Balm in Gilead
nytheatre.com review by Martin Denton
October 22, 2010
T. Schreiber Studio's production of Lanford Wilson's Balm in Gilead is superlative in every way. There's not a richer or more rewarding work of theatre anywhere in town right now, certainly not for the price ($20). If, like me, you believe that Wilson is one of the great underappreciated heroes of 20th century American drama, here's a chance to reaffirm your view with a riveting production of this brilliant, early, seldom produced play. And if you're not familiar with Wilson's oeuvre, this is a splendid way to become acquainted with it. Major kudos to Terry Schreiber and his staff for keeping the lights burning not just on the obvious classics by Shakespeare and Chekhov but the contemporary ones that we just don't see enough of.
Balm in Gilead unfolds in a diner, based on a real one that Wilson frequented back in the early '60s, when the play takes place. And as soon as you are ushered into the Gloria Maddox Theatre and feast your eyes on Matt Brogan's miraculous naturalistic set, you are transported back in time to that very specific locale. From the cigarette machine along one wall to the flashing bits of neon to the plastic-upholstered stools to the faded sign above the proscenium, the world of Wilson's play is meticulously evoked. Anne Wingate's costumes further define the period and each of the many denizens of this place. Gilead is home to society's detritus for the most part: as we enter, the stage is filled with types that would become archetypal by the time Midnight Cowboy got made at the end of the decade: junkies, transvestites, prostitutes, hustlers, dealers—sad people, getting by, desperate or almost that while somehow weirdly hopeful in spite of it all because, with only one or two exceptions, everyone of these people is still young, 30 at the most. Director Peter Jensen fills the diner with life with these folks from the moment we come in until the moment we leave. In fact, it feels like they'll still be there after we go home.
The play happens over a period of a week or so, ending on Halloween. There's not what you'd call a story; just slices of moments in the lives of these unremarkable people—Frank, the diner's owner; Franny, a transvestite prostitute; Tig, a hustler; Xavier, a drug dealer; and many others. There is a focus, one that becomes clearer as the play spins forward, and that's on a young, not-too-bright young woman named Darlene, who is a recent arrival from Chicago and still speaks in the broad, flat tones of the Midwest. She came to New York a little while ago, full of the usual dreams, but now she's supporting herself on the street. In the diner she meets Joe, a young man in trouble, and we sense the maybe she thinks he'll be able to help her, at least for now. And he kind of does; but then his own circumstances catch up with him (I don't want to give away too much, but I'll tell you that Joe has decided to take up selling drugs as his current profession).
Watching from the sidelines are a passel of a drifters and a quartet of busking street singers; watching from up close is Ann, a prostitute who though older and wiser than most of the others has not lost her humanity, even as its trappings are being stripped away from her by ill fortune or bad choices or whatever. And omnipresent, though not necessarily observing, are Babe, a junkie who spends most of the play slumped over the counter in a stupor, and Fick, a homeless junkie of the kind you've seen yourself on Manhattan streets, muttering endlessly to himself. Sometimes Wilson turns down the volume around Fick so we can hear what he's saying, and what's he's seeing is what everyone is Balm in Gilead is saying, fundamentally: "I get scared as hell, man, walking down around here, I mean, I can't protect myself or nothing man. You know what I mean? You know? I mean if I had these couple of big buddies....I could—like, if you walked around with these buddies, I mean you could do, man—you could do anything..."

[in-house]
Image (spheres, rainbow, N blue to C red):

The play's aching center comes in Act Two, in an early evening scene when Darlene and Ann and for all intents and purposes alone in the diner, before the regulars have turned up. What we discover here is that Darlene, like all of us, needs more than anything else to have someone hear her. And Ann, like all of us, needs someone to hear.
Brogan's set revolves (!) and it needs to because Wilson's play is circular. Time moves on but nothing changes, even though some things change. Jensen's realization of Wilson's profoundly human theme here is exquisite.
The company he's assembled is without peer on any stage in NYC right now; these 29 actors inhabit their roles viscerally. All of the characters in the play's foreground are brilliantly played: Jonathan Wilde is sympathetic yet seedy as Joe, and Belle Caplis gets Darlene's essential guileless dumbness exactly right. Jill Bianchini is ineffably moving as Ann. Others I took particular note of include Lawrence Crimlis as Dopey and Jordan Feltner as Rake, two of the druggy hangers-on outside the diner who occasionally break the fourth wall to chat with us; Olivia Rorick, a tough lesbian who does battle for her woman; Esteban Benito as Tig; and Ian Campbell Dunn, who is compelling and repellent as Fick, that guy we always try to get away from when we see him on a street corner or wandering into a dive like this one.
I end with Fick because he's the emblem of Wilson's most important idea here, which is that no matter what we do we can't get away from the there-but-for-the-grace-of-God-go-we people, least of all here in New York. Balm in Gilead gives them voice and lets us hear and see them—clear-eyed and unsentimentally and honestly.